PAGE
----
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Sovereign Balance Sheet Improvements: South East Asia has continued to see structural improvements in terms of external sovereign creditworthiness over the past decade, withstanding the tumultuous events of global recession in 2008-09. As a share of nominal GDP, public external debt for our five focus countries has halved from an average of 35.4% in 2000 to an estimated 15.7% in 2012. It should however be noted that much of the debt issuance from regional governments has been in the form of local currency paper, which has helped to reduce external vulnerabilities. As a result, sovereign credit spreads have come down dramatically to pre-2008 levels (see chart) and access to overseas financing has vastly improved. Indonesia was promoted to investment grade status (in line with Thailand and Malaysia) in 2012, and the Philippines will su rely follow this year as well.
ASEAN Connectivity: While the ASEAN community dates back to the 1960s, plans to implement the ASEAN Economic Community (AEC) by 2015 continue to be a major driver of investment activity in the region. The AEC will aim to create a more liberalised regional economy with a single market and production base. Such lofty ambitions may be difficult to achieve, but from a growth perspective we have already seen capital allocated into a number of transport projects that will help to improve intra-regional connectivity. Such growth momentum is likely to be sustained as trade barriers are removed and infrastructure linkages are built out.
Greater Government Resolve
A favourable macroeconomic backdrop is a necessary but not sufficient condition for strong infrastructure growth. A cohesive policy framework and increased access to project financing are also required and we have seen significant progress recently on this front .
Firstly , respective governments have vigorously sought to spur infrastructure development through a variety of public spending and privately-procured public-private partnership (PPP) programmes .
Secondly , these governments have looked to carry out reforms in the areas of project execution and regulatory bottlenecks such as land acquisition in a bid to galvanise private sector interest .
Lastly, they have remained committed to accelerating and enhancing the flow of project financi ng for infrastructure by re viewing bank lending laws and introducing greater diversity in funding sources such as Islamic bonds and infrastructure funds .
That said, there remain some key country-specific issues that must be addressed in order for regional infrastructure activity to realise its potential. We provide our insight into some of these concerns below.
Indonesia - Political Stability A Given?
As highlighted above, Indonesia's growth story has flourished in line with greater political stability and an improving business environment. This has benefited the country's infrastructure sector as not only has there been greater infrastructure spending from the private sector in recent years, but there has also been progress in facilitating greater ease in project execution. For instance, we highlight efforts such as the launch of a new land acquisition bill, a comprehensive master plan for infrastructure development and the formation of various government institutions to support infrastructure activity - namely the Sarana Multi Infrastruktur, the Indonesia Infrastructure Finance, and the Penjaminan Infrastruktur Indonesia.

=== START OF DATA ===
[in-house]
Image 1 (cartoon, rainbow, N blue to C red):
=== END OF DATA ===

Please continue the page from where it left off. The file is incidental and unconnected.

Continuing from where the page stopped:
|Asia - BMI's Short-Term Political Risks Ratings*, Out of 100|
However, we caution that political stability and appetite for reform in Indonesia should not be taken for granted. President Susilo Bambang Yudhoyono is constitutionally prohibited from standing for the presidential elections in 2014 and the prospects of his Democratic Party for the upcoming elections are shrinking due to successive corruption scandals. This creates the potential for a more populist regime to rise in prominence as the Democratic Party and other presidential candidates could seek to secure popular support by increasing subsidies, watering down pro-business reforms and enacting nationalistic polices. The dominance of personalities over parties in Indonesian politics makes this a key challenge for infrastructure investors (who are typically looking at long-term returns),
Malaysia - Elections The Biggest Test For ETP?
Malaysia's 10-year economic plan, the 2011-2020 Economic Transformation Programme ( ETP ) , has had a successful start, with construction and infrastructure activity in 2012 hitting heights not seen in over a decade. This has much to do with the private sector's increasing level of confidence with regards to the government's ability to carry out the ETP, with heavy private sector participation seen through foreign direct investment and uptake of government debt issuance.
|Malaysia - Construction Industry Value Data|
However, we believe that the upcoming general elections - to be held no later than June 27 2013 - could be the biggest risk so far to investor confidence in the ETP . The ruling Barisan Nasional (BN) coalition is set to face one of the closest general elections in recent times, which could put an end to the party's uninterrupted rule since independence in 1957. Although we believe that the BN will win by a marginal vote, there is an increasing risk of a swing vote in favour of the opposition. With this in mind, the BN government has become increasingly populist in its policy-making, unveiling a generous 2013 budget for its citizens, providing greater support for affordable housing, as well as deferring toll road hikes and a nationwide goods and services tax. These lax fiscal practices could require a cutback in other expenditure plans such as infrastructure investment due to growing subsidies and higher borrowing costs.
The Philippines - PPP To Live Up To The Hype?